Though he grew up in Tipton and later lived in Sedalia, the June 4, 1917 edition of the Jefferson City Post-Tribune wrote that Cole went on to reside many years in the state’s capital city and was married in Sedalia “to the girl of his choice,” Miss Grace Chamberlain of Tipton, on June 3, 1917.

Having risen through the ranks at the railroad to become a locomotive engineer, Cole’s life seemed to be progressing well until the Selective Service Act of 1917 required that all men “aged 21 thru 30 register at (local) voting precincts,” as explained in the book “Uncle, We Are Ready!: Registering America’s Men 1917-1918.”

The 28-year old Cole registered with his local voting precinct in Tipton on June 5, 1917—two days following his marriage and the date set forth by the Selective Service Act as the first of three primary registration dates.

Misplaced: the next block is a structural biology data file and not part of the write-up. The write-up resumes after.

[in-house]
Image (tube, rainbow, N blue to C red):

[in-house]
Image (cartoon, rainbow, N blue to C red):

According to the 1980 edition of the book “Moniteau County, Missouri History,” the Edgar Cole Post 304 of the American Legion was established in Tipton in 1921. Courtesy of Jeremy P. Ämick

Cole’s fate was sealed on June 27, 1918, when his registration number was drawn during a national lottery that occurred in Washington, D.C. Several weeks later, on August 8, 1918, Cole was inducted as a private in the U.S. Army at nearby California, Missouri.

According to his service card, Cole arrived at Camp McArthur, Texas, on August 16, 1918 and underwent an accelerated basic military training with Company I, 12th Battalion, Infantry Replacement and Training Camp.